“Marketing is all about the kind of experience you deliver to your customers with each and every interaction. The more compelling the experience, the faster you will build brand loyalty.”
Last week, I had the opportunity to attend the Kate Spade grand opening event in Beachwood Place Mall. Imagine this: the little boutique was bustling with wide-eyed customers sipping San Pellegrino through brightly striped straws, munching on multi-colored macaroons and taking in the beauty of the merchandise. Though tiny, the store was bursting with personality—each and every bracelet, shoe and handbag was displayed in a thoughtfully creative way.
The brand translates just as well online, from the bright pictures and cheeky accessories, you can’t help but get drawn into the site—most likely resulting in a sale.
Once that sale is made, whether in-store or through its website, the presentation is flawless. The shopping bag is filled with coordinating tissue, and your little present is so beautiful, you almost hate to unwrap it (can you tell I’m a Kate Spade customer?).
As of yesterday, my only experience with the brand was online, but since I saw the store, it came full circle. I couldn’t help but think—when it comes to brands, the experience is just as, if not more important than what is being sold. In fact, with the mention of most brands, an emotion is brought to the customer’s mind before the thought of the actual product.
When helping clients build their brands, it’s important to remember a great product is just one piece of the overarching puzzle. Consider the following:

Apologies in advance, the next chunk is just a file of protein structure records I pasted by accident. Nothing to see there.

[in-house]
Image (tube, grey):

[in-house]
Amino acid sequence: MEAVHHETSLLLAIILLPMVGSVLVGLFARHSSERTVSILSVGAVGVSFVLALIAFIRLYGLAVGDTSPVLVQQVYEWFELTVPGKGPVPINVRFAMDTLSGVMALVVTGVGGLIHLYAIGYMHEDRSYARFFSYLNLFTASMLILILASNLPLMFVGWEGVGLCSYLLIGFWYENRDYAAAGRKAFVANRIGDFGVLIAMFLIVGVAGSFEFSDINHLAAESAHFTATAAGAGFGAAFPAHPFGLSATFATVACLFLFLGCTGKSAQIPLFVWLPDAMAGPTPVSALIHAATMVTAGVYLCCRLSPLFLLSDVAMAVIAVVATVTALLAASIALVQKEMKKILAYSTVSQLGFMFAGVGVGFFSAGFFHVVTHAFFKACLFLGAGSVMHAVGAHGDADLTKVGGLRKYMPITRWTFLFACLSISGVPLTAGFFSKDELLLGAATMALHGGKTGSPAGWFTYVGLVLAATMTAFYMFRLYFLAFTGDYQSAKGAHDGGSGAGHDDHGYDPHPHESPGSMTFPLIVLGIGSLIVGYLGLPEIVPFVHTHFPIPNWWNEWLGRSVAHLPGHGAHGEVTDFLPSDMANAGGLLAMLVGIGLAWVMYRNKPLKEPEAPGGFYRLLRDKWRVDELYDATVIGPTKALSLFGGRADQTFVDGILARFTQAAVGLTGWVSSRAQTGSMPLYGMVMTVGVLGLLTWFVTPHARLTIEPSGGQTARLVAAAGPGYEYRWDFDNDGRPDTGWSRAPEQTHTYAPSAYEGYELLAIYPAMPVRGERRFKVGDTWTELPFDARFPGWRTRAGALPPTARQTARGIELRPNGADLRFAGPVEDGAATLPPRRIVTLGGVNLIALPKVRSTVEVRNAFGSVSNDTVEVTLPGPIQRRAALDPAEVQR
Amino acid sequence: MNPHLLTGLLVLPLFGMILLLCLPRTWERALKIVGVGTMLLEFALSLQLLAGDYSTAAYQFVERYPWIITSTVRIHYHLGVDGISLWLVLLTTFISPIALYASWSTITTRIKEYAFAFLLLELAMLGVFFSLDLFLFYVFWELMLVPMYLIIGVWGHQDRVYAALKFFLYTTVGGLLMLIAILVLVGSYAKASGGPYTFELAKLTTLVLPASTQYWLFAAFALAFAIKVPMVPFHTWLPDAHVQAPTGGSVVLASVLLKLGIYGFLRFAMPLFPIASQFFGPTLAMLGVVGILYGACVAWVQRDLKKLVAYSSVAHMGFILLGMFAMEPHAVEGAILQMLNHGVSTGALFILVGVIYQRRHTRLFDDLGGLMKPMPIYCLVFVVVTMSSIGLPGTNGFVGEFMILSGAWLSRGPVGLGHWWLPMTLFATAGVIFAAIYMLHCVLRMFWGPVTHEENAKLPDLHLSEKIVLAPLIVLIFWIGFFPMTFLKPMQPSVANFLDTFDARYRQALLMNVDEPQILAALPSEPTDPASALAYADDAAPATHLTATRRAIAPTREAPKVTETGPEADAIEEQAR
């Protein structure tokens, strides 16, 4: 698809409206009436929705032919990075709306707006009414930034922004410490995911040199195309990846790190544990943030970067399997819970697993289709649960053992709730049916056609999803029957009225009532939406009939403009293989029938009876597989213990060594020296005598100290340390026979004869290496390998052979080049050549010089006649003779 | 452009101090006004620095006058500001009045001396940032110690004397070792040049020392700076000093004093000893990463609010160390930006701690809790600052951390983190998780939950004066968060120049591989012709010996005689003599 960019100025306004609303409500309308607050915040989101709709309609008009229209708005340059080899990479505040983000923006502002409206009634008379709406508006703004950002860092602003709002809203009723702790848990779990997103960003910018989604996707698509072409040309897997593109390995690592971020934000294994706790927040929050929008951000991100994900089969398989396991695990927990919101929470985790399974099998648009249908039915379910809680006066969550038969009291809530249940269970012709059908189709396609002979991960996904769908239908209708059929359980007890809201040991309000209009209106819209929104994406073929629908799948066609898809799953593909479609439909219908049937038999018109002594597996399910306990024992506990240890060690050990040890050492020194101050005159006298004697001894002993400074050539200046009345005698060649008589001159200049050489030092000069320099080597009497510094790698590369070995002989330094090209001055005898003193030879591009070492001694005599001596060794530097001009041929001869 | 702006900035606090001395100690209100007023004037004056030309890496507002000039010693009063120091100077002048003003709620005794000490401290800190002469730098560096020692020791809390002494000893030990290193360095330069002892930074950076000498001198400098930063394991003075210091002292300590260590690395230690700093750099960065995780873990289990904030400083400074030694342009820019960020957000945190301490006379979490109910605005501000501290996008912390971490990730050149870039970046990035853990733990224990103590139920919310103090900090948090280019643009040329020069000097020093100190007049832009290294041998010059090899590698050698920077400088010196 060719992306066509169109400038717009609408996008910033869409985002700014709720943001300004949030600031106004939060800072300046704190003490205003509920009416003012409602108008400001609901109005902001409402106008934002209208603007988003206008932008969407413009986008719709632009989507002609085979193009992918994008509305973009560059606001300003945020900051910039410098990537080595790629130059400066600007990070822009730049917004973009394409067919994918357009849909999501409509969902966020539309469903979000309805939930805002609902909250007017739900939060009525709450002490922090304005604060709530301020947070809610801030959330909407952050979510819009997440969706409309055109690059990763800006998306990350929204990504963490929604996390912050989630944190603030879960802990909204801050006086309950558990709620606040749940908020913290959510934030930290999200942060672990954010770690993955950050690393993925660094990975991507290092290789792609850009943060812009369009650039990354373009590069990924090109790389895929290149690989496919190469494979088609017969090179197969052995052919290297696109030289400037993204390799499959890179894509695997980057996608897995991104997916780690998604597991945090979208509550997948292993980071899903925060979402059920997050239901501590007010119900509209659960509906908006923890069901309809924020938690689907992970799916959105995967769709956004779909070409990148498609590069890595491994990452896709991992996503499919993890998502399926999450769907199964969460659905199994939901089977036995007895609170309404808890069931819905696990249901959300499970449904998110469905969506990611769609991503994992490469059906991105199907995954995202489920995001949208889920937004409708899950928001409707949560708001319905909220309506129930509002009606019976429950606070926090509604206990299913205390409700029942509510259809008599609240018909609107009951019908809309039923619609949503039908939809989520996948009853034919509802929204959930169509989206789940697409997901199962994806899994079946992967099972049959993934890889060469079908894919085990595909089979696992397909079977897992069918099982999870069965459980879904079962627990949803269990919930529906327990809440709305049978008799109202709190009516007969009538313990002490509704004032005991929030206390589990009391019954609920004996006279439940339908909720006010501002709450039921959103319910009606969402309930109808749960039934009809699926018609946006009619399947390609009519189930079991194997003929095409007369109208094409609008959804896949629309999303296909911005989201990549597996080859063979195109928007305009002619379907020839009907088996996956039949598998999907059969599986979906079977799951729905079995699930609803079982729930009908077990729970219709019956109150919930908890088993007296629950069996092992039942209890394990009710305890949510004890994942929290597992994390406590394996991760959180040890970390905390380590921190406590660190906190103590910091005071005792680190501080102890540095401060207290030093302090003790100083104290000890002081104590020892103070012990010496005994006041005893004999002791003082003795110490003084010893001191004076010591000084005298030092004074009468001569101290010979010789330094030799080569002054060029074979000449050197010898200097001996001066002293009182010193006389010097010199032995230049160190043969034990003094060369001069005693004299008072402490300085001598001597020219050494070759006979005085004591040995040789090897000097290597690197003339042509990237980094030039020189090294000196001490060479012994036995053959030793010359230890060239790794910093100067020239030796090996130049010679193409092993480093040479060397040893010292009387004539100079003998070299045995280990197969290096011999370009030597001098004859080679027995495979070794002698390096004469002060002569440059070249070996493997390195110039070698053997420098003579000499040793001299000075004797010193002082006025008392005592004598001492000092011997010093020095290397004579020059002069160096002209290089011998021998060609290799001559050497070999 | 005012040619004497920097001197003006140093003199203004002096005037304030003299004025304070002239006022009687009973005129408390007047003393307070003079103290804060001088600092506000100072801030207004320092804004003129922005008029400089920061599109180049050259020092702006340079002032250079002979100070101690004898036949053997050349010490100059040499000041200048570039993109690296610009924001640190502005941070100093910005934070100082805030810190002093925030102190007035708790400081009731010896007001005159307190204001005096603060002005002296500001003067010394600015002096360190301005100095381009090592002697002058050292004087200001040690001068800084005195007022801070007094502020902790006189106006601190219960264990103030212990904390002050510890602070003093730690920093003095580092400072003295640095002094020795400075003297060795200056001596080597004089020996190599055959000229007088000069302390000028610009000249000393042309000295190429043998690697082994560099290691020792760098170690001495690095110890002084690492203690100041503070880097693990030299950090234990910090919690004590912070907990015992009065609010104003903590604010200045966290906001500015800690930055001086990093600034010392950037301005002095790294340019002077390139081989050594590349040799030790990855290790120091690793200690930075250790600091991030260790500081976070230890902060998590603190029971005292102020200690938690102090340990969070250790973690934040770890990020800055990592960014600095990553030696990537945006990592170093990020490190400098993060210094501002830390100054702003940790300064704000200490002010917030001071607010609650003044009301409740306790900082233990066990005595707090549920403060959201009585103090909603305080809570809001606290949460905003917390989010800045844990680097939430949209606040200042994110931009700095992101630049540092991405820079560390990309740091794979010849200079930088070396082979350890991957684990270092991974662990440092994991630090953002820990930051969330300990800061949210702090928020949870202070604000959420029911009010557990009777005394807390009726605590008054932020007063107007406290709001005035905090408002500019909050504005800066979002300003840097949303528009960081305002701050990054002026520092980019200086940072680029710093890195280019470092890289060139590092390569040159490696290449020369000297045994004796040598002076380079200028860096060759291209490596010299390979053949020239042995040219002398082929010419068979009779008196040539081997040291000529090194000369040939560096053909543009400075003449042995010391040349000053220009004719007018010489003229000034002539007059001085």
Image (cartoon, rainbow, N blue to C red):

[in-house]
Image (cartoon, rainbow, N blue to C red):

- When a customer calls in with an issue, is it handled promptly and considerately?
- Does your storefront, if you have one, properly reflect your brand?
- In turn, does that store experience translate well through your website, app, social media sites, etc.?
- Is every marketing piece, from brochures to direct mailers to sell sheets, echoing the same brand message?
- Is every touch point listed above consistent?
Every moment a customer has with a brand is a touch point, and each of those moments adds up to an experience. No matter how excellent the product, if I have a negative interaction with a company and leave with a bad taste in my mouth, I’m not returning. However, even if a quality product isn’t top-of-the-line, best-on-the-market, but I have a great experience and feel that the company cares about me as a customer, they will most likely see me again.
A brand experience isn’t built overnight, but each and every touch point, no matter how small, is important. Remember that you may not be selling the best product on the market, but if your experience is the best, your company is the real star.
What’s one of your favorite brands, and why are you loyal to them?